Chris Knipp Writing: Movies, Politics, Art

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PostPosted: Thu Apr 14, 2011 10:07 am 
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Film library abandoned for movie-going -- possible romance?

Federico Veiroj's succinct (67-minute) feature was shot in color and converted to black and white to suggest old movies -- which are the chief concern of Jorge (played by film critic Jorge Jellinek), the protagonist. He is a big, tall, amiably nerdy, pear-shaped man with tinted glasses, out of style like his clothes. He is the manager of the Cinemateca Uruguaya of Montevideo, Uruguay, and he has been doing this for twenty-five years, but it's beginning to look like that may soon come to an end. He and the director confer, trade film series to watch, go over the declining fortunes and physical plant of their operation. The film library may be disintegrating. Ticket sales are not brisk. The projectors are in need of multiple repairs. Even the seats in the auditoriums are giving out. The director's and manager's weekly radio broadcasts are charming, smooth, but rather dry. The director uses a microphone to broadcast live translations in Spanish into the auditorium of the English subtitles for von Stroheim's Greed. For a while this movie looks like it's going amiably nowhere, though its loving contemplation of outmoded technologies -- tapes, faxes, telegrams, pay phones, Russian projectors with special lights no longer replaceable -- has the atmospheric charm of a world where people are excited about Italian films of the Sixties; The Cabinet of Dr. Caligari; or the way Prokofiev's music shapes the battle sequence of Alexander Nevsky and the structure of Citizen Kane becomes clear only after multiple viewings. Then outside the Cinemateca Jorge meets an old friend called Paola (Paola Venditto), who has come for a screening. He gives her a comp ticket. He waits patiently for her to come out and invites her for coffee. No, she says, she has too many exams to grade. But she shows interest. Suddenly a little flower opens up.

And a big flower closes. The corporation that has been supporting the Cinemateca announces to Jorge and his boss, the director (Manuel Martínez Carril, actual former Cinemateca director) that it can unfortunately no longer support organizations that do not show any profit. Meanwhile the landlord threatens eviction within a few days because the rent has not been paid for eight months.

A Useful Life turns gradually around after the Cinemateca is closed. Jorge does a little dance, literally and figuratively. He gets an expensive haircut, one so elegant you can hardly tell his hair has been cut at all, though it's been beautifully washed and combed. He skips up and down some big marble steps, as if remembering a Fred Astaire routine. Then he goes to the university, where he enters a classroom along with the students and gives an impromptu and surprisingly fluent little lecture on the nature and necessity of lying -- till the real professor comes in and he departs. Finally he waits outside the university buildings until he finds Paola coming out of her class, and asks her: Would you like to go to the movies? "The movies?" Paola asks, pausing. Why yes, she would. And with old movie music playing in a montage of classic finales, Paola and Jorge go off into the magical darkness of the streets of downtown Montevideo as evening falls. It is a beautiful and hopeful ending.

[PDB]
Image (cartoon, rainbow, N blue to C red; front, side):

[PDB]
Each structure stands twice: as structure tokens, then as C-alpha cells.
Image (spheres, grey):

Veiroj is working with things he knows and people he knows. The actors are not far from their real selves, and unlike some cases of that, they fit into themselves comfortably. Veiroj himself worked at the Cinemateca. (It has not, in reality, been forced to close.) But above all the film captures a slow pace and gentle end-of-the-world melancholy that perhaps only Uruguay, or the Patagonia of Carlos Sorin, can evoke. Special kudos to the director for his skill in using non-actors, in particular the way he makes Jorge Jellinek come alive and seem, after all, an attractive man. The fancy hairdresser brings that out: middle-aged though he may be, Jorge has beautiful thick head of glossy black hair. His radio talks and impromptu university lecture show his silver tongue. And his towering height, as the dance up and down the stairs shows, is both impressive and nimble.

[iLa vida útil[/i] is a simple but accomplished film, a short-short story rather than a novel. It develops its milueu and its characters with a sure touch. You might want to contrast this with Davide Ferrario's more commercial and elaborate After Midnight/Dopo mezzonotte (2004), starring Giorgio Pasotti, a film in which the magical Mole Antonelliana (the cavernous Museum of Cinema in Turin, Italy) is the setting for a very unlikely love story. Not as economical by a long sight (the plot gets a bit complicated at the end), but the setting is remarkable.

Shown as part of the San Francisco International Film Festival of April-May 2011. The film opened in Uruguay in August 2010, in Canada and Spain in September. It had a brief run in New York in January 2011 and was a New York Times Critic's Pick reviewed by Jeannette Catsoulis. Global Film Initiative is the distributor. Included in over a dozen other festivals, including Zurich, Hamburg, Warsaw, Göteborg, Miami and Jerusalem, it has won numerous prizes and nominations.

©Chris Knipp. Blog:

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